Glad it’s coming to an end.
No issues with occurring. No problem with fans getting their “forever hero” fix.
But with the Chase Utley Return Tour entering its final show tonight at Citizens Bank Park, gotta say, little relieved.
You know, kinda like, OK, let’s move on … from “world effin champions” and the fantasy that Philly’s favorite second baseman of all time was anything more than a health-hindered average to below-average player the last six seasons of his career here.
No offense to Chase, but let’s do just that, put a Pete Mackanin on the deal and move on to focus on more, oh, captivating stuff these days. In Major League Baseball to boot …
BIGGER IS BETTER?
With all the hyperbole about the monsters roaming diamonds anymore pawned off as a prophetic, “yes, of course” genius accepted by the vast majority, it is quite enjoyable to see the dominance of normal-sized Mookie Betts (5-9, 180) and pint-sized Jose Altuve (5-6, 165) in the American League. The Boston outfielder and Houston infielder pretty much own every offensive category in the junior circuit, aside from home runs and RBIs … and even with that, entering play Wednesday, Betts ranked seventh in the former with 28 and fourth in the latter with 89, not to mention that Altuve ranked second in slugging percentage anyway and Betts third. Yes, Mike Trout, the beefed-up Mickey Mantle 2.0 who stars in center field for the Angels, is the game’s best player, but he’ll be hard-pressed to outdo either of these two for MVP honors this season.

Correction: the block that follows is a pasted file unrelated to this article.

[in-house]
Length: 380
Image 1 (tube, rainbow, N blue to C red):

THREE FOR ONE
To me, the NL’s top individual honor this season will come down to a trio of candidates … with two of them possibly knocking each other off. Indeed, if Anthony Rizzo (.290, 25 homers, 85 RBIs, 71 runs scored) and Kris Bryant (.289, 28, 73, 91) didn’t both play for the Cubs, each would be pushed for MVP, hardcore. Especially with Rizzo being a highlight film over at first base, too, and Bryant being a multi-talented individual who handles infield AND outfield duties with ease. Their combined athletic genius has spearheaded the Cubs’ rise to the top of MLB, and quite possibly opened the door for Washington’s Daniel Murphy (.348, 22, 87, 72) to grab the hardware since he’s pretty much carrying the Nationals toward the postseason solo.
BLAST FROM THE PAST
Utley’s return to Philly certainly put the spotlight back on some great times for Phillies fans, most obviously the World Series teams of 2008 and ’09, with the core “homegrown” group of Utley, Ryan Howard, Jimmy Rollins and Cole Hamels leading the charge. Hey, Hamels remains a very good pitcher these days, no doubt the best of that aforementioned group still going now. But, really, he’s not having a better season than fellow lefthander and former Phillies farmhand J.A. Happ, who posted a 12-4 mark for the parent club in 2009. A journeyman since, Happ, now with Toronto, currently leads the AL in wins (17) and tops his far more ballyhooed ex-teammate, now in Texas, in several pitching categories: winning percentage (.850 to .750), opponents’ batting average (.230 to .243) and better WHIP (1.14 to 1.30).
Obviously, what Boston’s David Ortiz is pulling off in his last season, at the age of 40, is quite amazing, the big fella hitting as well as he did in his prime. He seems to be almost on a record pace for an old guy … only he’s not. Don’t even have to leave Red Sox annals to see that. Check this out: Ortiz, currently, has a slugging percentage of .619 and an OPS of 1.025. Tremendous stuff. Only Ted Williams, at 41, posted .645 and 1.096 during his final go-round in 1960. Also had a higher batting average and on-base percentage that season than Big Papi does in this one.
OH, YEAH ...
With a quarter of a season left to go, only two games separate the top three teams in the AL East (Toronto, Boston and Baltimore), 1.5 the top two in the NL West (Los Angeles and San Francisco) and 6.5 the top 13 teams in MLB for the four available wild-card spots – and the Phillies ain’t one of them.